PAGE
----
Project analytics begins with the contract
It’s no secret that successful projects are the products of well defined contracts between the Owner and Contractor. However, often overlooked is how much value a contract has in project analytics, particularly in regards to stakeholder alignment and data engineering, such that owners can apply new industry methods to telling the story of where projects are headed.
While it is difficult to quantify upfront what opportunities and cost savings project analytics may yield, it is practical certainty that without an amenable contract for analysts to flex against, project analytics cannot get off the ground successfully.
Generally, contracts have been rehashed from boiler plate templates that have not kept up with technological times. In construction industry they speak nothing to low level systems access, software interoperability, cross-company systems integrations, vendor APIs or databases. Nor do they speak to any affirmation of owner or clients responsibilities in data access, data pipelines or data governance. Contracts more specifically are written to ensure reports telling what happened are done timely alongside a responsibility matrix, rarely with an appreciation or understanding of ensuring the ability to tell where projects are headed are in place.
So where does this leave project analytics? Project controls department’s battle ongoing throughout a project with clients or owners to have well structured, un-encumbered systems access, only to be referred to the contract which promises nothing.
While cyber security and sabotage is a valid concern; databases, local web hosts, and web-based interfaces can block and restrict access to specific users, domains and gateways and record all transactions. In the network server world, next to nothing has been overlooked when it comes to restricting access to certain corners of the network – the control is very granular and targeted.
The current news climate reports ongoing data breaches where majority of these revolve around social media or credit card systems, but it’s easy to paint this with a broad stroke and deem it as universal across all data. Reality is, project analytics data is not a priority target for hackers as there is little monetary value in the information.
With a carefully crafted contract and understanding of the data analytics tools available, the project analytics is the easy part as an individual no longer needs to be a masters level statistician or know proofs to apply concepts, it is largely now a plug-and-play data analytics world.
A few calls to action
If you’re sitting in an organization competitively bidding work, or winning work, engage with contracts departments early for ?. Ensure you read the relative sections for reporting requirements, and provide the necessary red lines that reflect your data requirements. A simple slide deck to share with lawyers, perhaps even referring them to this article may get teams thinking about expanding boilerplate verbiage. Emphasize that in fears of cyber security, intellectual property, and so forth that it may be beneficial to have an intellectual property lawyer write those sections instead of a commercial lawyer. These individuals are heavily trained in protecting companies while facilitating data exchanges. Put the onus on others to remove your red lines; you can only do so much as to outlay what’s required to be successful, but convey relentlessly as to why you need what you’re asking for. Share infographics, share mock forecasts, and put a compelling slide deck together on what others in industry are doing. Convey, rightfully so, that data analytics is the future, it is here to stay, and your company is either on board or will be left behind. Treat it like a sales brochure, sometimes people need to be sold on an idea first in order to run with it.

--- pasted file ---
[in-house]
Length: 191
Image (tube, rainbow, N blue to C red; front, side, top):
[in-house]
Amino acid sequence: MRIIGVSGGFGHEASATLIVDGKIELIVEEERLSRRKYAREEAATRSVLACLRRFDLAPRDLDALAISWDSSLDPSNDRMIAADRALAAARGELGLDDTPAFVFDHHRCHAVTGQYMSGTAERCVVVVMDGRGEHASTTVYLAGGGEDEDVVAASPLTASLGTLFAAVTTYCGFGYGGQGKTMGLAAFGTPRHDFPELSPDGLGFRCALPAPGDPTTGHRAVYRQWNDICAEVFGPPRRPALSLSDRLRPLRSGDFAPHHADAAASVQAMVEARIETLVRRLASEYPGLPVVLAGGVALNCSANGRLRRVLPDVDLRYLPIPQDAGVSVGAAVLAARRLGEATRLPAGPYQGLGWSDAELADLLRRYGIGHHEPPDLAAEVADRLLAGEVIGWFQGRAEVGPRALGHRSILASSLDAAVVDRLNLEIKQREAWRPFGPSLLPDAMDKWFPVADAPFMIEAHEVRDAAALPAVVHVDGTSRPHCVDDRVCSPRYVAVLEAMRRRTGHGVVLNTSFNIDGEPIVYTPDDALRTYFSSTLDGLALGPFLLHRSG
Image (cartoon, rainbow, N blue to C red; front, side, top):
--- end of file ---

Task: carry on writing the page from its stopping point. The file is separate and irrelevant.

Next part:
The front end effort before a project begins on selling an idea will pay dividends during the life of the project, and make your work life much easier. I’ve crafted a few mutually exclusive contract passages that may set your organization on the proper path:
- Contractor shall ensure the cost of the Work under the Contract is made available on a date agreed to with the Owner, and provided in a structured comma separated value (CSV) format extracted from Contractor’s cost management system.
- Contractor shall provide Level IV schedule data under the Contract on a date agreed to with the Owner, provided in a structured comma separated value format extracted from Primavera P6 or Microsoft Project Planner.
- Contractor understands they will be provided with Owner database access, and it is Contractor responsibility to maintain database data as part of reporting requirements.
- Contractor, as far as practicable, shall support Owner database warehouse system and its underlying schema by understanding Owner requirements for data analysis.
- Contractor agrees that all cost and schedule employees shall be oriented with Owner’s indoctrination on data science fundamentals.
If you have any suggestions on other contract language, or your own experiences, please share your opinions below. Remember, a proper contract is a key step to establishing a legally binding stakeholder alignment.comments powered by Disqus